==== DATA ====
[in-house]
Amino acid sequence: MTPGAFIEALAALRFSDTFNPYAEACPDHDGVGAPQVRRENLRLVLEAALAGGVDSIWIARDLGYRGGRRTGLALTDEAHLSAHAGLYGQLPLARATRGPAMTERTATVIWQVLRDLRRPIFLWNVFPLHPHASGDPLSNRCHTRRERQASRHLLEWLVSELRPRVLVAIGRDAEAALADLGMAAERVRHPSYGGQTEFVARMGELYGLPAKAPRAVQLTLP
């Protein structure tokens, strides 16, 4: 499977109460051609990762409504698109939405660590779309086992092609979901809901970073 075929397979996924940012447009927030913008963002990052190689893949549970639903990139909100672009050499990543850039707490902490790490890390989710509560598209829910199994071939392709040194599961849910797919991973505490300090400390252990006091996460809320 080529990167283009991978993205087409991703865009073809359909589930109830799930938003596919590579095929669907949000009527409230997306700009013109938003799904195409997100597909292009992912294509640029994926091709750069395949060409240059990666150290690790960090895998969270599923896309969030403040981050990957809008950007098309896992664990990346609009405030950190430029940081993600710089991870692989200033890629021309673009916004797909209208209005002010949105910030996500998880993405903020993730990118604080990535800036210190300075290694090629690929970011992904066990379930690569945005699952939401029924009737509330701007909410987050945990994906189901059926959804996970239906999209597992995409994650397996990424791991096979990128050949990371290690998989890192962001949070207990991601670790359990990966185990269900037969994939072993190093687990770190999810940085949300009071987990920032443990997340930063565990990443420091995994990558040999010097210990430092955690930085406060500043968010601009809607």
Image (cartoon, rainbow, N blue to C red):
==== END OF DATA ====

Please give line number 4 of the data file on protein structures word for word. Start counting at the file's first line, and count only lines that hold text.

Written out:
Image (cartoon, rainbow, N blue to C red):